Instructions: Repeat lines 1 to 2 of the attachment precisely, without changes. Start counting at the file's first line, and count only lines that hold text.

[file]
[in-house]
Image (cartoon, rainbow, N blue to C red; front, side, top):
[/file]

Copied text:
[in-house]
Image (cartoon, rainbow, N blue to C red; front, side, top):